Ratchet, captured in one of his famous "rages". The grey-faced CMO's expression was fierce – his lip components drawn back from those savage dental plates. A laser scalpel was being swung from his right hand at some unfortunate patient. First Aid hovered expectantly in the background, well-versed in his mentor's moods.
Ironhide, arms crossed over his boxy chest, staring down his short nasal ridge at something out of Hound's holographic scope. The malleable metal of his forehead was drawn in a neat furrow, one optic half shut; his mouth was open, possibly giving a new arrival a dressing down.
Brawn, a massive boulder held high above his head. In the background were Sunstreaker and Smokescreen, leaning on shovels, fingers and postures indicating that they were making bets on the Minibot's hubris. Raw determination was etched on the green and tan mech's facial planes, and there was no doubt in anyone's cortex that he completely believed he was capable of lifting anything that he put his processor to.
Wheeljack, his face mask blackened, smoke streaks flaring out all over the top of his helm. His ear fins were glowing soft pink, a testament to his embarrassment that yet another experiment had literally blown up in his face. However, his eye ridges were drawn gently upward, letting everyone know that he was taking it all in stride.
Windcharger, that underestimated Minibot. His arms were sweeping around in a supremely graceful gesture, tines of magnetic energy snaking from his fingertips. There was a look of intense concentration upon his normally serene face, almost grim as he leaned all his weight onto his right foot, aiming for a target they could not see.
Prowl, cocked back in his chair in his office back at the Ark, one foot thrown up on the desktop, an arm dangling to the floor, the other draped across his chest. Datapads were scattered all around the normally-pristine surface, a testament to the two mechs responsible for so much grief and human-relations problems. His optics were shuttered, lip components slack in the face of recharge.
Optimus Prime, stalwart leader, commander supreme. He rested his masked chin on the top of one massive blue fist, staring at something on Teletraan I's screen. There was quiet contemplation in the one optic that was visible, an essence of wisdom beyond anyone's comprehension – and, perhaps, a hint of sadness.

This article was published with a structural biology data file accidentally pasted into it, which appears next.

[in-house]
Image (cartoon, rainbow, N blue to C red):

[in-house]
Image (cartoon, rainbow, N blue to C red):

Through the hazy light of the holograms, Jazz's optic was not on the pictures; rather, he was watching his comrades. He observed their faces as each holo lit up, watched the tightness in their lip components, the shifting of their bodies; the way they put their hands on the table to steady their rocky frames. Some of them had already taken to their chairs, Bluestreak, Solarflare, Skyfire and Bumblebee among them. Jazz couldn't blame them; he felt like sitting as well, but his self-imposed role as leader of this memorial gave him no choice but to remain standing. Resolutely, the Porsche increased energy to his lower leg supports.
The silence stretched on, no one moving or speaking. Like Jazz, they were each remembering some scenario with the terminated warriors.
That is, until among one of them, the grief could no longer be kept inside his cortex.
With a howl more reminiscent of a wounded wolf, Sunstreaker grabbed the back of his chair in one black paw and threw it against the conference room wall.
The opposite wall.
Tough Cybertronian steel shattered into six large pieces and a slew of shrapnel. The pure, savage force of impact blew a hole into the burnt orange plating with the seat still imbedded in the center of the crater.
"Is this how it ends?" the golden melee warrior bellowed, his shoulder plates arched upwards, his chest heaving with exertion. "Us, standing around with our hands in our groin guards whimpering and whining while that little red shithead sits in Prime's chair and splits us up?"
Jazz levered himself up from where he had ducked under the table the moment Sunstreaker's hand had closed on the chair-back. Around the room, the others were doing the same, some wearing shocked expressions; others, like Powerglide and Mirage, showcasing irritated miens.
Growling, Sunstreaker grabbed his brother's wrist and jerked it out and down. "Shut up," he spat, cold ice blue optics flashing. "Tell them, Jazz. Tell them the truth of why we're all here."
Like one of those cat clocks some humans kept on their kitchen walls, the optics of the Autobots swung left and right, from Sunstreaker to Jazz and back again. Trailbreaker leaned forward. "Jazz?" His query was soft, but there was no denying the doubt that underlay his one word.
The Porsche shook his limbs to get them working properly. He wondered exactly how the Lamborghini found out about he and Rodimus' minuscule chat, but that could be examined later on. He shrugged. "Nothin' much t'tell, Breaker," he replied, trying in vain to sound just like his old self. Except, he couldn't. "Th' new Prime might be rearranging some forces."